Get started as a freelance writer (part 2) - How to find work
Be clear about copyright
The first job of a new freelance is to get published rather than get involved in a copyright wrangle, which could sink the sale. Somewhere down the line, however, we may need to protect our interests through an awareness of copyright. Under English law, the copyright in a freelance article remains the contributor’s unless he or she has transferred it to the client publication. If it has not been transferred, the publication is buying only the right to first use in its medium (print periodicals). This is the case whether the article has been commissioned or submitted speculatively. The copyright owner is able to make further use of the material, for example, by republishing it, selling it to other newspapers and including it in a book. British newspapers and magazines, which also have their web versions to consider, are increasingly keen to take full copyright. Although in strict law the copyright transfer needs the active agreement of the writer, in practice few freelancers are in a position to resist a publication that simply declares it has bought the copyright.
Milk the cow more than once
With copyright in articles publishers hold most of the cards, but the freelance still has the source material. Copyright exists in the words used. Since there is no copyright in ideas, subjects and information, the freelance is free to re-arrange that material to exploit it with other outlets . Hence the saying, An article is not sold if it’s sold only once! The sensible freelance keeps some of the material back so that a later article is more than a reshuffling of words and facts; it also contains new information.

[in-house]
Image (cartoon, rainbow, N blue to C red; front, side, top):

Follow-ups are everywhere
A survey by a national pooling organisation found that editors rated information from other publications as their most important source of news, ahead even of material dug up by their own reporters. This rather surprising finding is a sign that we must keep our eyes on our competitors and other relevant publications big or small. It isn’t only a case of following up their stories. News may lurk among the advertisements, where, for example, statutory notices may be the first occasion where a major construction scheme has come to light, or among the humble births, marriages and deaths. National newspapers draw heavily for news on local papers and specialised magazines. Sometimes the traffic is the other way, and a local or specialised angle will be spotted in a national story. Another source of follow-ups is to revisit a story some months or a year later. Has it happened as predicted, planned? Did the politicians keep their promises? To keep track of stories like this, we need to keep our own news diaries, into which also go our scheduled meetings, appointments and interviews.
Reprinted, with permission, from JournoLISTS – 201 Ways to Improve your Journalism by Cedric Pulford Copyright © 2001, 2010.
20th April 2011